Date of Award
Diabetes is one of the leading causes of death in the United States, taking more than 90,000 lives annually. Type 2 diabetes mellitus-induced cardiac fibrosis is a common condition seen in diabetic patients. The AGE/RAGE signaling cascade has been strongly associated with this supposed cardiac fibrosis along with hyperactive myofibroblasts which excessively remodel extracellular matrix tissue, leading to damaged and enlarged heart muscle tissue. In diabetic patients, Advanced Glycation End Products (AGEs) are produced in abundance and accumulate in the extracellular matrix of heart tissue. To investigate the role of of the AGE ligand on fibroblast behavior, increasing amounts of commercially available exogenous AGE were introduced as a gradient to compare fibroblast cells of four genotypes: diabetic (db), diabetic RAGE knockout (db RKO), Rap1a (Rap1a), Rap1a knockout (RAPKO). Once the fibroblasts were grown to maturity, they were plated in either high or low glucose growth media. The cell’s migration rates were analyzed by scratching the cultured cells in the center of each well at 0 hours after ligand AGE was applied. Using computer digital editing to mark their movement between 0 and 24 hours across the scratched area after the ligand AGE was applied to the plate of cells, the number of cells crossing or touching the drawn boundaries were then counted. Results from this study estimated trends that could have significance on the effect of hyperglycemia and AGE exposure. Additionally, changes in migration were seen to be more dependent upon genotype rather than exposure conditions.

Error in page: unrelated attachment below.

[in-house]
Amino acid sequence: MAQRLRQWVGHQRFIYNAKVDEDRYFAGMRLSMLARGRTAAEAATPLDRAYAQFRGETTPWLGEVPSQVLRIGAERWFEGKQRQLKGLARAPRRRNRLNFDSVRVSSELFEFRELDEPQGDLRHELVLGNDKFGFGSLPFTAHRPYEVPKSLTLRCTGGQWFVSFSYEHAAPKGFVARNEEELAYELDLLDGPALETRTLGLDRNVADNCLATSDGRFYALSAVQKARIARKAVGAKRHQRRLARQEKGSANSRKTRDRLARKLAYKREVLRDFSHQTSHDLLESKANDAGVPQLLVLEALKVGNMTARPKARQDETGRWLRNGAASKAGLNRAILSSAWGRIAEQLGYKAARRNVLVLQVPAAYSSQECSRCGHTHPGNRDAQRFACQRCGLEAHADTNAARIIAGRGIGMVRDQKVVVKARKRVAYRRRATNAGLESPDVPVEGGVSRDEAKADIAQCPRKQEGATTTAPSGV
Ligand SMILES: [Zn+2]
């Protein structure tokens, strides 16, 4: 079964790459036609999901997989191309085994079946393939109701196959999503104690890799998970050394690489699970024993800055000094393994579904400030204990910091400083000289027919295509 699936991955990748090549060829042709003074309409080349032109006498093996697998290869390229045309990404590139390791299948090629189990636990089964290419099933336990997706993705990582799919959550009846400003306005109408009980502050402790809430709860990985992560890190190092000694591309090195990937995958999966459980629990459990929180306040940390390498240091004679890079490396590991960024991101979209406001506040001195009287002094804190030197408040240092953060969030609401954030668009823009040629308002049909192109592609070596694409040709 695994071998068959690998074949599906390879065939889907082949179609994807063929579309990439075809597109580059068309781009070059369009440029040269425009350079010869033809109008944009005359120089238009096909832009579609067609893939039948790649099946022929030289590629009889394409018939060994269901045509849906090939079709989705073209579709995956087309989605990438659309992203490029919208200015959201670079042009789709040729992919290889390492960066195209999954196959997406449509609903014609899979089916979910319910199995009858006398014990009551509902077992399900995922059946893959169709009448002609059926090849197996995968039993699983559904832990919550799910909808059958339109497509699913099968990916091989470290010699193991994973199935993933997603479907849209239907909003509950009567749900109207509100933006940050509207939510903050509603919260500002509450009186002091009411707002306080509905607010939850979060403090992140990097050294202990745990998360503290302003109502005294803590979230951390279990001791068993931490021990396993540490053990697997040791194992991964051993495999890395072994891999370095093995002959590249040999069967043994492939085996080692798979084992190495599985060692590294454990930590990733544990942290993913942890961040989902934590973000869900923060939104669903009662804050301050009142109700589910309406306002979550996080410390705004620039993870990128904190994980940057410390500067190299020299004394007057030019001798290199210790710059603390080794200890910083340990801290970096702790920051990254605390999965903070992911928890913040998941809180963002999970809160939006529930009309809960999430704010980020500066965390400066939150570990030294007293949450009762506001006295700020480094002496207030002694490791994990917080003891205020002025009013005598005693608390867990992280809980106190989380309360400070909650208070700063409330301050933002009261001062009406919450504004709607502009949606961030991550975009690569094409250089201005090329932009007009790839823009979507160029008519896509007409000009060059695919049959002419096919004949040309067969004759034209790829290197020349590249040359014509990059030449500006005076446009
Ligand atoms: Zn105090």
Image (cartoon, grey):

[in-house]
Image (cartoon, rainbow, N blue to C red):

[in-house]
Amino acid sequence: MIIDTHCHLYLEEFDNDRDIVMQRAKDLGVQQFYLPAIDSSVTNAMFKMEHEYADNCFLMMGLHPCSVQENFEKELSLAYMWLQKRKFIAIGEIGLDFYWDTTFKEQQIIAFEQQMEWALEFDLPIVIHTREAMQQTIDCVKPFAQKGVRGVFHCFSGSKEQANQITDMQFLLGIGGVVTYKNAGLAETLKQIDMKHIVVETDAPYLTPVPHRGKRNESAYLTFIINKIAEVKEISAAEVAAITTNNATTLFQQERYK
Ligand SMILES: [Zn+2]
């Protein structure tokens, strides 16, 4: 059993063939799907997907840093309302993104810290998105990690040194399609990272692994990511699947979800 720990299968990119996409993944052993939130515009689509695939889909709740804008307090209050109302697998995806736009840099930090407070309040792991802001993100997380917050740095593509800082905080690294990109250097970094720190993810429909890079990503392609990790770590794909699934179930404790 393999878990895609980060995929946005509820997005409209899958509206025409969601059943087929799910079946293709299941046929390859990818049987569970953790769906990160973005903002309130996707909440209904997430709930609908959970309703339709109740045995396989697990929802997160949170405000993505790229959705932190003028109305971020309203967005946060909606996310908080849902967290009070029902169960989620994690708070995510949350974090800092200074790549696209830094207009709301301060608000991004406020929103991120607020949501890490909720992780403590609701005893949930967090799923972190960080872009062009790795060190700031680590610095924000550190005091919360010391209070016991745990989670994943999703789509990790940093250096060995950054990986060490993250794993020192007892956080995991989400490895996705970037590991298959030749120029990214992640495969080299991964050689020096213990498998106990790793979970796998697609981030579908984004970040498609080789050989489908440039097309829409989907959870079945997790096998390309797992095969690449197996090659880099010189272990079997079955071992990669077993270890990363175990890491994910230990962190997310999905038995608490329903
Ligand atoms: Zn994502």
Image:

Puglia, Camilla, "The Role of AGE Ligand and Rap1a in Myofibroblast Signaling Cascade in Type 2 Diabetes Mellitus-Induced Cardiomyopathic Conditions" (2022). Honors Theses. 2686.